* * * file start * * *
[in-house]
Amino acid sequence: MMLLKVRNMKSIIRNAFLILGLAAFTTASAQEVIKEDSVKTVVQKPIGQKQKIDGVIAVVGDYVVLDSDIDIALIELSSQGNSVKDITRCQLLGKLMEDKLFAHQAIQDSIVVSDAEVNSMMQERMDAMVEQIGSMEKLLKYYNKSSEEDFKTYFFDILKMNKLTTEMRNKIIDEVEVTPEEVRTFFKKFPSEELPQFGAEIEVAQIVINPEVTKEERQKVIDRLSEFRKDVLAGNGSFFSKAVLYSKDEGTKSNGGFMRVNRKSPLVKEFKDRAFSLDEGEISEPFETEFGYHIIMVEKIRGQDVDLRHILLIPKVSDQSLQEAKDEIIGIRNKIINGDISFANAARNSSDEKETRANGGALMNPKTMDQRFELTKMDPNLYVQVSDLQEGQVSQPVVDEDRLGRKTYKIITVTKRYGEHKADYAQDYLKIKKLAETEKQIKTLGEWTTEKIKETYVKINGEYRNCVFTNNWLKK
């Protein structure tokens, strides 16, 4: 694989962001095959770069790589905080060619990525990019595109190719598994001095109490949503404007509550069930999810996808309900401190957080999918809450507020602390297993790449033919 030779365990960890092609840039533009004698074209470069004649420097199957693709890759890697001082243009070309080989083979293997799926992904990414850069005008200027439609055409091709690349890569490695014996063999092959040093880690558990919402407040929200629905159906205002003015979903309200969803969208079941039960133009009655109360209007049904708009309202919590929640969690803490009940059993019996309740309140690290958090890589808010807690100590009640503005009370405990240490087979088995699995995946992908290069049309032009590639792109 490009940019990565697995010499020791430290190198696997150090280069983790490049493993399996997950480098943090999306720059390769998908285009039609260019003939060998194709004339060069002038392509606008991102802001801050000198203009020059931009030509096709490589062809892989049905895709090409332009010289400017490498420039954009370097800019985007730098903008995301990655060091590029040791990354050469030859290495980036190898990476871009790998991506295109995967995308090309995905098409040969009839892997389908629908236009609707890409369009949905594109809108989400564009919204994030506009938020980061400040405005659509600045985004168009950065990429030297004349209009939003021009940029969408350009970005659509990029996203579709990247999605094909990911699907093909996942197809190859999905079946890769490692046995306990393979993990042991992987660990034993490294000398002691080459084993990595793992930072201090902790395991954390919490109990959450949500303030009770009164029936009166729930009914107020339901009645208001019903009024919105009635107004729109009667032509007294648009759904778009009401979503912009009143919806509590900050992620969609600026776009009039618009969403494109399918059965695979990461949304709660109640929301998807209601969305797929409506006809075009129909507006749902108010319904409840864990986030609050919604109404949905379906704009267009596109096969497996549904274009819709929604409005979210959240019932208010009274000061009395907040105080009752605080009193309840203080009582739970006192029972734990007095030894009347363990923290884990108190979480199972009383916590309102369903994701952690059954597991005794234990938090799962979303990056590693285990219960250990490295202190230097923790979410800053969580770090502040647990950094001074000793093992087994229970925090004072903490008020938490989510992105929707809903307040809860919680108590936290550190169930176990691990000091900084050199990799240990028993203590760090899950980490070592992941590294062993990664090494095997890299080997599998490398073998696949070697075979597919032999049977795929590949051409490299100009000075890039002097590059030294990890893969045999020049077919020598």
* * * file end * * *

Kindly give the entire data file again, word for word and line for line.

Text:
[in-house]
Amino acid sequence: MMLLKVRNMKSIIRNAFLILGLAAFTTASAQEVIKEDSVKTVVQKPIGQKQKIDGVIAVVGDYVVLDSDIDIALIELSSQGNSVKDITRCQLLGKLMEDKLFAHQAIQDSIVVSDAEVNSMMQERMDAMVEQIGSMEKLLKYYNKSSEEDFKTYFFDILKMNKLTTEMRNKIIDEVEVTPEEVRTFFKKFPSEELPQFGAEIEVAQIVINPEVTKEERQKVIDRLSEFRKDVLAGNGSFFSKAVLYSKDEGTKSNGGFMRVNRKSPLVKEFKDRAFSLDEGEISEPFETEFGYHIIMVEKIRGQDVDLRHILLIPKVSDQSLQEAKDEIIGIRNKIINGDISFANAARNSSDEKETRANGGALMNPKTMDQRFELTKMDPNLYVQVSDLQEGQVSQPVVDEDRLGRKTYKIITVTKRYGEHKADYAQDYLKIKKLAETEKQIKTLGEWTTEKIKETYVKINGEYRNCVFTNNWLKK
């Protein structure tokens, strides 16, 4: 694989962001095959770069790589905080060619990525990019595109190719598994001095109490949503404007509550069930999810996808309900401190957080999918809450507020602390297993790449033919 030779365990960890092609840039533009004698074209470069004649420097199957693709890759890697001082243009070309080989083979293997799926992904990414850069005008200027439609055409091709690349890569490695014996063999092959040093880690558990919402407040929200629905159906205002003015979903309200969803969208079941039960133009009655109360209007049904708009309202919590929640969690803490009940059993019996309740309140690290958090890589808010807690100590009640503005009370405990240490087979088995699995995946992908290069049309032009590639792109 490009940019990565697995010499020791430290190198696997150090280069983790490049493993399996997950480098943090999306720059390769998908285009039609260019003939060998194709004339060069002038392509606008991102802001801050000198203009020059931009030509096709490589062809892989049905895709090409332009010289400017490498420039954009370097800019985007730098903008995301990655060091590029040791990354050469030859290495980036190898990476871009790998991506295109995967995308090309995905098409040969009839892997389908629908236009609707890409369009949905594109809108989400564009919204994030506009938020980061400040405005659509600045985004168009950065990429030297004349209009939003021009940029969408350009970005659509990029996203579709990247999605094909990911699907093909996942197809190859999905079946890769490692046995306990393979993990042991992987660990034993490294000398002691080459084993990595793992930072201090902790395991954390919490109990959450949500303030009770009164029936009166729930009914107020339901009645208001019903009024919105009635107004729109009667032509007294648009759904778009009401979503912009009143919806509590900050992620969609600026776009009039618009969403494109399918059965695979990461949304709660109640929301998807209601969305797929409506006809075009129909507006749902108010319904409840864990986030609050919604109404949905379906704009267009596109096969497996549904274009819709929604409005979210959240019932208010009274000061009395907040105080009752605080009193309840203080009582739970006192029972734990007095030894009347363990923290884990108190979480199972009383916590309102369903994701952690059954597991005794234990938090799962979303990056590693285990219960250990490295202190230097923790979410800053969580770090502040647990950094001074000793093992087994229970925090004072903490008020938490989510992105929707809903307040809860919680108590936290550190169930176990691990000091900084050199990799240990028993203590760090899950980490070592992941590294062993990664090494095997890299080997599998490398073998696949070697075979597919032999049977795929590949051409490299100009000075890039002097590059030294990890893969045999020049077919020598």